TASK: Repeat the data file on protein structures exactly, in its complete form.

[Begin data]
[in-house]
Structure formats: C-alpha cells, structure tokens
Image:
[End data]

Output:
[in-house]
Structure formats: C-alpha cells, structure tokens
Image: